Retention has been at the forefront of Trent’s focus in the past year. This focus on retention has lead to the creation of a Retention Committee, the Rebound Program and most recently to the undertaking of a Retention Review.
The retention review, conducted by external reviewer and Vice President Student Affairs at Laurier University, David McMurray in conjunction with Professor Gillian Balfour from Trent’s sociology department and Tara Harrington from the University Secretariat, aims to identify recommendations on how to improve retention at Trent University.
“Trent’s retention rate is not as high as it could be,” noted Nona Robinson, Associate Vice President at the Office of Student Affairs.
The reasons for this are varied. The review aims to narrow down the reasons that students may choose to leave Trent, and provide focused solutions to them and suggest specific programs.
McMurray visited campus on Feb. 29 and March 1, where he met with student leaders, representatives from college cabinets, the TCSA and the TBSA.
In addition, he met with college heads, some faculty, student services staff, senior administrators and members of the Retention Committee.
Alumni affairs, the Board of Governors, Trent Durham, the First Peoples House of Learning and the Trent International Program were also included in McMurray’s brief visit to campus.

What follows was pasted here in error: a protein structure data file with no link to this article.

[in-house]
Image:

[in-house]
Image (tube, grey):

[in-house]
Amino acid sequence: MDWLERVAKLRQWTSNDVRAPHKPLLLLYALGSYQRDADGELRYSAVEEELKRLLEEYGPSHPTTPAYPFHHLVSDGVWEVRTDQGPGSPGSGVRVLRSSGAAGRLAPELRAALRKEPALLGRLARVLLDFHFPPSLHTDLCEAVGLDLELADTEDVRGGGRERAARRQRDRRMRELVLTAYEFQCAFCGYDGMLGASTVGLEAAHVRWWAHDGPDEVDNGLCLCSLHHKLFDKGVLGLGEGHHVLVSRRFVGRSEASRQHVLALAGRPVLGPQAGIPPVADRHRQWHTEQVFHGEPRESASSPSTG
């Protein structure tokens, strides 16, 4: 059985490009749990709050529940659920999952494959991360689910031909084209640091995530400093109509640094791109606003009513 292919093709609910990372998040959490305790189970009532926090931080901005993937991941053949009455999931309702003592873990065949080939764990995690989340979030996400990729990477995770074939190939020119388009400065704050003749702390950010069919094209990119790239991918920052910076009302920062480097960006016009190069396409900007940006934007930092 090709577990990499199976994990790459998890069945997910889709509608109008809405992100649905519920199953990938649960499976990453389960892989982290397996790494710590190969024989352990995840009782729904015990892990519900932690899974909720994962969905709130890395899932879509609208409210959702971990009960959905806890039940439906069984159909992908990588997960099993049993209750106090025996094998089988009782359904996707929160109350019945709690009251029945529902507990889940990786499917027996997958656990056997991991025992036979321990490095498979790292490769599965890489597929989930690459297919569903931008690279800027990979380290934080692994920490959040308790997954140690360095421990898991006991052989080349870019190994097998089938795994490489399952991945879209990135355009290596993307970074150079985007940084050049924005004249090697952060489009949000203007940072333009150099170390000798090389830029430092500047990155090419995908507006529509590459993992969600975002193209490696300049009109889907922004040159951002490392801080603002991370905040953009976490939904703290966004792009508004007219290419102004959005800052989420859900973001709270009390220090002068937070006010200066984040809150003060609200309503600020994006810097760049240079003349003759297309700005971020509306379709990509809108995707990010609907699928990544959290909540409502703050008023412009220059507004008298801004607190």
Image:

McMurray also received information from academic and student service united, retention data and institutional research on the subject to inform his review.
The Retention Review will focus on various aspects that relate to retention. The review guidelines focus on institutional aspects, teaching and learning, enrolment management, student engagement and support, research and assessment and career development and services.
Because of its wide scope, the review demonstrates that retention is a complex issue that concerns all facets of university life.
The retention review is particularly focusing on how students define student success.
Alaine Spiwak, who sits on the Retention Committee, noted that this question allows for additional student issues to be highlighted. As a result, she responded the question with a clear statement that student success is correlated to having student voices heard. In addition, student success spans success in academics, engagement with the student community and a sense of belonging to Trent University.
Contrary to the Internationalization Review and the Traill College Review, the Retention Review has been more open to student voices.
Although McMurray did meet with the Retention Committee and student leaders, the process was not open for all Trent University students, who may be affected, to have a voice.
Spiwak, president of the Trent Central Student Association noted that because the series of reviews (Internationalization and Traill College) that Trent has recently undergone have the potential to impact policy and drive change that will shape the future of the university, it is important for student voices to be heard and for students to push for the issues that are most relevant to them.
If you have any input related to any of the reviews being conducted at Trent, email [email protected]